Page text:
When children are very young, their skin is less developed and therefore less resistant to sun exposure than adult skin. For instance, babies’ skin is much thinner and has a thinner stratum corneum, the outermost layer of dead skin. It also contains less melanin, the pigment that provides some protection from UV rays, and lacks a functioning acid mantle, the film on the skin’s surface that provides protection from viruses, bacteria and transepidermal water loss (TWL) — a condition that can lead to dehydration.
All these factors mean that infants are more likely to suffer from heat-related illnesses or become sunburnt by sun exposure, explains the Skin Cancer Foundation. This summer, make sure you take extra precautions to protect your baby from potential dangers.
Sun Safety Tips for Babies
Babies under the age of 6 months should not use any sunscreen, warns Mayo Clinic. Instead, you should stick to alternative methods of protection listed below. Children over 6 months should use sunscreen with an SPF of at least 15, but 30 or above is preferable.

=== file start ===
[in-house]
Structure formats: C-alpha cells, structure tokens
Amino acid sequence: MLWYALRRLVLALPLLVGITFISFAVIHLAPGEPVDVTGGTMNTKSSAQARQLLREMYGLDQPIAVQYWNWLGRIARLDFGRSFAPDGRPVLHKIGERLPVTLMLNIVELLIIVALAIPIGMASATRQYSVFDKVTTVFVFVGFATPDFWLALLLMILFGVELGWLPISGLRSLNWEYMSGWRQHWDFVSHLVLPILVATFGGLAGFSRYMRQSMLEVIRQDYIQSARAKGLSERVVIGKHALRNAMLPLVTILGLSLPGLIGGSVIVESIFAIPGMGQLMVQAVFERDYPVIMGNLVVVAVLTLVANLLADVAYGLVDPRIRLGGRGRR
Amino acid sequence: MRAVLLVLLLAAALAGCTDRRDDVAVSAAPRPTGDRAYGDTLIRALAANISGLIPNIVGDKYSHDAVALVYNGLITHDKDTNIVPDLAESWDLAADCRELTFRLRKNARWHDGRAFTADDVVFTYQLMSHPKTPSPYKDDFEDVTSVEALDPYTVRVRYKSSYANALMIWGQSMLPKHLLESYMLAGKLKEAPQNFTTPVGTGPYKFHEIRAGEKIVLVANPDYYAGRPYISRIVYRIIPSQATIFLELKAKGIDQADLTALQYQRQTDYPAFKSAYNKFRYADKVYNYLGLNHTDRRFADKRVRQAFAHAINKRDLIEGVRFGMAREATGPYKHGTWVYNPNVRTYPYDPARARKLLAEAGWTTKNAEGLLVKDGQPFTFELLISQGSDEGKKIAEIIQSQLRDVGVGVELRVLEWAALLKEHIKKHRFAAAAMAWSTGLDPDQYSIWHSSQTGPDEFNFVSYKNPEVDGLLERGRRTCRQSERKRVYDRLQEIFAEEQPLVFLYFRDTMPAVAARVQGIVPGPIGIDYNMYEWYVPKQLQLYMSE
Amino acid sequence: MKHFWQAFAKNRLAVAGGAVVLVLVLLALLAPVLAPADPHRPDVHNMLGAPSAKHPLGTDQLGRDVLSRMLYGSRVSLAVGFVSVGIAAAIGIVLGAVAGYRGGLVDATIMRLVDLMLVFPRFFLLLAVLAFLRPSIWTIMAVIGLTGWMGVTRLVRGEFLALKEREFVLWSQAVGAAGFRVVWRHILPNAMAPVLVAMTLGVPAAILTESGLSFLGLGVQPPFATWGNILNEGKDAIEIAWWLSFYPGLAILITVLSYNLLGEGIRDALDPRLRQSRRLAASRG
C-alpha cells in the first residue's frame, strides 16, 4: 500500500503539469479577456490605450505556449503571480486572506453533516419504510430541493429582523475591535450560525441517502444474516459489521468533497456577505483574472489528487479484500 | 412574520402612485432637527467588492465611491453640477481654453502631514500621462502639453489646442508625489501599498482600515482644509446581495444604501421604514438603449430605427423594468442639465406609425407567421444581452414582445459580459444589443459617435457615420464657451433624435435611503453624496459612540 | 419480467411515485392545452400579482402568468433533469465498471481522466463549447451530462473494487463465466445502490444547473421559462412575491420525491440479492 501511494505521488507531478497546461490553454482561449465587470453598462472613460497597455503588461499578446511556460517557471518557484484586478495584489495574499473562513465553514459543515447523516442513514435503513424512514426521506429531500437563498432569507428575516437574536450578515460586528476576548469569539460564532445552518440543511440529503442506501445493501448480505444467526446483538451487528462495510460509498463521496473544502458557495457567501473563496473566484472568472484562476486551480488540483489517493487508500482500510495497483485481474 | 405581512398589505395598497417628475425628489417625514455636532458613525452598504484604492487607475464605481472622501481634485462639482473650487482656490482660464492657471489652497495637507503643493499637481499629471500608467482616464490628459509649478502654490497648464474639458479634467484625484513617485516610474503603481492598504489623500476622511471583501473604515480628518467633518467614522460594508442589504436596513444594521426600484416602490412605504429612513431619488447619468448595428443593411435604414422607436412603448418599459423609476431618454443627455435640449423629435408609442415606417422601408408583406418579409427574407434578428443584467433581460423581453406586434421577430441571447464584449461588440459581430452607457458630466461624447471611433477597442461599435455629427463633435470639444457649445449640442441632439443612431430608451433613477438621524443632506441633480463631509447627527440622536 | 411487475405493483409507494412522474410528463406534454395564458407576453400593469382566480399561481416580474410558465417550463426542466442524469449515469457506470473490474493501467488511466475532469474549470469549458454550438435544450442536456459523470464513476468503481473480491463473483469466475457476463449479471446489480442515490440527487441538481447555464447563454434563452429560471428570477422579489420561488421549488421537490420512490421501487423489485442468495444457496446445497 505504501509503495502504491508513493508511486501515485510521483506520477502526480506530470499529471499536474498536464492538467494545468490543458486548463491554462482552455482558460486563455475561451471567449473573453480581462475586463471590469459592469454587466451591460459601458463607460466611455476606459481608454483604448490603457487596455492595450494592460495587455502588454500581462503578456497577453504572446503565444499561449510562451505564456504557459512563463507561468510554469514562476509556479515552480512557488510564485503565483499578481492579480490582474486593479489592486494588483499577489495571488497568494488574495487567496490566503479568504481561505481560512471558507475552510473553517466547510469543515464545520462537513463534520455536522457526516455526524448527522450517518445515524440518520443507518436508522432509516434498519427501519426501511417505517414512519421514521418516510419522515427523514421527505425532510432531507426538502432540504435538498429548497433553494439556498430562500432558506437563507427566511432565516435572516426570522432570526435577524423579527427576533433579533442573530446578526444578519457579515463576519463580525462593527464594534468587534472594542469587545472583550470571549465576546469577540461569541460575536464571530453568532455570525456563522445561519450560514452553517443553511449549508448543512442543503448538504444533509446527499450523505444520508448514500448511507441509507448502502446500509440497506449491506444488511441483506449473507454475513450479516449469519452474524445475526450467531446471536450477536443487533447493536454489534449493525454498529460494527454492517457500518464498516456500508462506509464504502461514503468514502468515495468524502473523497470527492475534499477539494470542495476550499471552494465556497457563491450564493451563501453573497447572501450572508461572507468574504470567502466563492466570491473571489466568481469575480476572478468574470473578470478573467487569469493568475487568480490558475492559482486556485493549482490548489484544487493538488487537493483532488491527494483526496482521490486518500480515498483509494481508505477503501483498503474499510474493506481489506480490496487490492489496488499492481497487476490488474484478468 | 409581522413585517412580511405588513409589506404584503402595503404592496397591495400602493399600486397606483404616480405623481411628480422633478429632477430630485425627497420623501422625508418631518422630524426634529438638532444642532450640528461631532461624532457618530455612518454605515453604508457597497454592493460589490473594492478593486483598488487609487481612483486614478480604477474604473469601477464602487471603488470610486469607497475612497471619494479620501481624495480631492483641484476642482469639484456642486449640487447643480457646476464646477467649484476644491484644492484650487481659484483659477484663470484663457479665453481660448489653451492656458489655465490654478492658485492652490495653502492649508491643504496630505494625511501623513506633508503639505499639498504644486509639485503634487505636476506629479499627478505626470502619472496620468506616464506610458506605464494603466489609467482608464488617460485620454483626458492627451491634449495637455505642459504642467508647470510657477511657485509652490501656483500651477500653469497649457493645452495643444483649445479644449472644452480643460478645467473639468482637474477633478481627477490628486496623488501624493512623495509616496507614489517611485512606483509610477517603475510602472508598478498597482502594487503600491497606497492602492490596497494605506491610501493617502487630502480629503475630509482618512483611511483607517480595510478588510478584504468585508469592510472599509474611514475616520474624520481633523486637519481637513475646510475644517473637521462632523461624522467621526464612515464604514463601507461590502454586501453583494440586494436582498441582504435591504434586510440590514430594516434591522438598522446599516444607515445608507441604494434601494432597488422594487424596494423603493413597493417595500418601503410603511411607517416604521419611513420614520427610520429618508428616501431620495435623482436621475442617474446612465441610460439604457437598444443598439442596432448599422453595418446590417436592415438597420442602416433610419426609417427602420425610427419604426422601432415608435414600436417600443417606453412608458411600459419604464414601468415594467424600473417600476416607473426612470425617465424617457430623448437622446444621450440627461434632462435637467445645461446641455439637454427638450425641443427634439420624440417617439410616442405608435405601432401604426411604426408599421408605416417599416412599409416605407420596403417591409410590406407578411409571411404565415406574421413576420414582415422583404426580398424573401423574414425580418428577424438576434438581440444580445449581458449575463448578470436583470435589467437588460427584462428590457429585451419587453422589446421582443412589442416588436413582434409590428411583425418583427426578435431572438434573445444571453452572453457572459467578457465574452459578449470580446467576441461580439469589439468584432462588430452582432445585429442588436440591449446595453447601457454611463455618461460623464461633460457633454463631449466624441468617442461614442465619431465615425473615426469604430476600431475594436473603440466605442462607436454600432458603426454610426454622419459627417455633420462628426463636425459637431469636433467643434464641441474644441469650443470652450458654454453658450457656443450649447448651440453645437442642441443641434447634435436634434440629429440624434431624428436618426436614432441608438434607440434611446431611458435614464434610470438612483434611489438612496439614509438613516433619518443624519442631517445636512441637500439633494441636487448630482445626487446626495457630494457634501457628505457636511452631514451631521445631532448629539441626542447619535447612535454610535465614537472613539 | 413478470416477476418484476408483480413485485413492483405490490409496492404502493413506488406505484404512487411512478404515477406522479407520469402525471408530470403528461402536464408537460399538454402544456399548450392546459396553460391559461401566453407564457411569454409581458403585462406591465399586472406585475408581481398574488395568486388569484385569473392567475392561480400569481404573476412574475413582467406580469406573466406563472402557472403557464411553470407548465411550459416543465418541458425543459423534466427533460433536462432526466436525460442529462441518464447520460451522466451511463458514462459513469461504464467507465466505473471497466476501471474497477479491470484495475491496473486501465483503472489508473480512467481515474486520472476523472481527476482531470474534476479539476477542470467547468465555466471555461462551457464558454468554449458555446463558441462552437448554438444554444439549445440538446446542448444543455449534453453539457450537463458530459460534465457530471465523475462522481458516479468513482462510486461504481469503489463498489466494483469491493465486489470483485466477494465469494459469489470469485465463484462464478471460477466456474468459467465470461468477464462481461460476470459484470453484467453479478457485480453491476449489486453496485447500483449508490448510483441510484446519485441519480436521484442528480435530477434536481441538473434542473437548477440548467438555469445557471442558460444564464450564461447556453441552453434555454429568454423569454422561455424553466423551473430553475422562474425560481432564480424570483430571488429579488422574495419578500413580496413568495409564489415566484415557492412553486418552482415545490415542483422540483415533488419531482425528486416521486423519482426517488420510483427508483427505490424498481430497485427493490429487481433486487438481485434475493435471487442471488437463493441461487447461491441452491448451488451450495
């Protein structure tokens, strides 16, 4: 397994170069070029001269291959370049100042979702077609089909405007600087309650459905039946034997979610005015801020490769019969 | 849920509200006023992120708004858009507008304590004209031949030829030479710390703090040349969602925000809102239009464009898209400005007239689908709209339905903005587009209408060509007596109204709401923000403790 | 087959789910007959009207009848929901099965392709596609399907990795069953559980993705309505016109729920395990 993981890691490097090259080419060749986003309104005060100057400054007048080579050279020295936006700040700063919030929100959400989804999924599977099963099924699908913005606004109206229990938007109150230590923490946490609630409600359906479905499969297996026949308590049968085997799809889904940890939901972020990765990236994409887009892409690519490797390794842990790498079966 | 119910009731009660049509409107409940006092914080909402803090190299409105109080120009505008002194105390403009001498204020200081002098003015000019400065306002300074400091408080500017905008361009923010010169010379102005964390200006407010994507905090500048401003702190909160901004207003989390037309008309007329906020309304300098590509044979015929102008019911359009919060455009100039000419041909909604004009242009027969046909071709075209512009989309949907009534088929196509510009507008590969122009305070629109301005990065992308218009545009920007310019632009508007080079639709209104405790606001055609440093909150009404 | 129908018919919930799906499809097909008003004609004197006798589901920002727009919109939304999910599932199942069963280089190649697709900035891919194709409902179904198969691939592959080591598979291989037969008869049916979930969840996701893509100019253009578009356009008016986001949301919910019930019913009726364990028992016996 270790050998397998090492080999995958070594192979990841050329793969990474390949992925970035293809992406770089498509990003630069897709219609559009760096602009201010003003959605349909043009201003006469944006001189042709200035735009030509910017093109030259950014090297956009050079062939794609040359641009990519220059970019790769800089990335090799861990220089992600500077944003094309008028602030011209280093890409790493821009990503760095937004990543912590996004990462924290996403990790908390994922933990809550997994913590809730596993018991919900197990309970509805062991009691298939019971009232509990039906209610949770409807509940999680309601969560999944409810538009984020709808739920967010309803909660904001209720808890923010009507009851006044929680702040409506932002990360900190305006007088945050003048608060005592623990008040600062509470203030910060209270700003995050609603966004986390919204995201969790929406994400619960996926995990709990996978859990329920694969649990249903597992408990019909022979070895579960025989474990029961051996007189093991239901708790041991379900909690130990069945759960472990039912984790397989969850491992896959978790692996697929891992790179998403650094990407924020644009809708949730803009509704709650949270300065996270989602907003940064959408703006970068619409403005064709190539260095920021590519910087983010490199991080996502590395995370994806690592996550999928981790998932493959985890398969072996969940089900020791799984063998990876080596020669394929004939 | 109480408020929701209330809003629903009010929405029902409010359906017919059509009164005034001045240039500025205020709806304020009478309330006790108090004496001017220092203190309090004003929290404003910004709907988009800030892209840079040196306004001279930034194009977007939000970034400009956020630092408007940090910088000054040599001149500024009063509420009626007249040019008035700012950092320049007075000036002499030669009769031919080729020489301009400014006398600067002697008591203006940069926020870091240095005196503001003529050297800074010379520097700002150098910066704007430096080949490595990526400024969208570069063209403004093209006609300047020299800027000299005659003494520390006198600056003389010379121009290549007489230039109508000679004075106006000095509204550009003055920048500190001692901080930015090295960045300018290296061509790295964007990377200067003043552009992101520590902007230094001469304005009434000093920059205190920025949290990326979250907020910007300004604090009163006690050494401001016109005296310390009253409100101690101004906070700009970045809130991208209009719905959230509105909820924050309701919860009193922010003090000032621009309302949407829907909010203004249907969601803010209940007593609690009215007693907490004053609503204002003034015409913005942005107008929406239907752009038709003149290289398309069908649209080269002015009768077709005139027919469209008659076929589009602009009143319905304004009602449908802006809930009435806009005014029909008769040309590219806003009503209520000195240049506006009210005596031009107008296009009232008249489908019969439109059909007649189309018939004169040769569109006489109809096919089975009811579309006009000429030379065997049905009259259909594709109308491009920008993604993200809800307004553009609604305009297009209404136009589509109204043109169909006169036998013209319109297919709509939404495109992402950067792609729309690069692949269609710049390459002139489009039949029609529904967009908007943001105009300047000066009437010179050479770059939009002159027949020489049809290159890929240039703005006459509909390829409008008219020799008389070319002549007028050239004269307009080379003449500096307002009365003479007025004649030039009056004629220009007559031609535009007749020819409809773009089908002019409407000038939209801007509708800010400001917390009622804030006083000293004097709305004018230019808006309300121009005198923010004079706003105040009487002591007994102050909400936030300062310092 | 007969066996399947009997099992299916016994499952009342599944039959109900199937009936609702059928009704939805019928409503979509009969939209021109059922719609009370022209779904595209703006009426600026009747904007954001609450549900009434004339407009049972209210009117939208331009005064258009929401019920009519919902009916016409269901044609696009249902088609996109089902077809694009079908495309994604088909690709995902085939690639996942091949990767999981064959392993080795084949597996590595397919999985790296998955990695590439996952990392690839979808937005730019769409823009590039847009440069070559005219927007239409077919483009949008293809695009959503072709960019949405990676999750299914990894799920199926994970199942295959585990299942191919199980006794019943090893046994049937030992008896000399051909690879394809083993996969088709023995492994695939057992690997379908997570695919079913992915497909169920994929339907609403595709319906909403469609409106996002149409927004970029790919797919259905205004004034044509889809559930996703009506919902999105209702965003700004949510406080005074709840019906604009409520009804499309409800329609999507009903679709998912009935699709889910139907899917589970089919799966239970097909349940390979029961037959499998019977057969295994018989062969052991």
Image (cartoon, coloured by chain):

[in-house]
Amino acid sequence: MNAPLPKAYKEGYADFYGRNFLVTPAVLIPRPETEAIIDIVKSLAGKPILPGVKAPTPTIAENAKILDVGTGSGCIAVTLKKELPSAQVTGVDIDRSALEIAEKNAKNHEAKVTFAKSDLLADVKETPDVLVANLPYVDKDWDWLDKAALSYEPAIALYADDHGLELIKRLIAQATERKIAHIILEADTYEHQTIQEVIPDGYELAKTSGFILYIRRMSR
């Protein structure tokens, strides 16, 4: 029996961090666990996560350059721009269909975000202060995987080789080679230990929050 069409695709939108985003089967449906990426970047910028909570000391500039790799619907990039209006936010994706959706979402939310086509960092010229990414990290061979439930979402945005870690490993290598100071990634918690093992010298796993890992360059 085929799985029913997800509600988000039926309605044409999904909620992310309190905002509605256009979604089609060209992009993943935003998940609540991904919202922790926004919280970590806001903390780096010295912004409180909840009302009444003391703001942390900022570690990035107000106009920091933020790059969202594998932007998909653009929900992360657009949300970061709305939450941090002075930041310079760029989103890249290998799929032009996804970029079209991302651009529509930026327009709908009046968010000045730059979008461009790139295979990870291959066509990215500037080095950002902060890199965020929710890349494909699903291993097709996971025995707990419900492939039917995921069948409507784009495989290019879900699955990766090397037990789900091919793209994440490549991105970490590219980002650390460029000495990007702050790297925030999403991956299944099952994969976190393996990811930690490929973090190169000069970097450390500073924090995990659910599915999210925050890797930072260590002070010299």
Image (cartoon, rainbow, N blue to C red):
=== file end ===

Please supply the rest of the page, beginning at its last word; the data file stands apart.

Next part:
Parents should dress infants in clothes that cover as much skin as possible. This includes lightweight pants, long-sleeved shirts made with a tight-weave material, as well as brimmed hats that create shade for the neck and face, recommends the FDA.
Babies should stay out of direct sunlight at all times, especially between the hours of 10 am and 4 pm when UV rays are at their strongest.
Apply a film to windows that will block between 99 and 100 percent of all UVA and UVB rays. Make sure infants remain cool and hydrated during car rides to lower their risk of heat exhaustion.
Provide you baby with milk or formula on a regular basis whenever you’re out in the sun for more than just a few minutes. Stay alert for signs of dehydration, which include irritability, excessive crying and less urination than normal.
Babies’ eyes need protection from the sun just as much, if not more, than adult eyes. Check out Real Kids’ collection of baby sunglasses to find a pair for your child.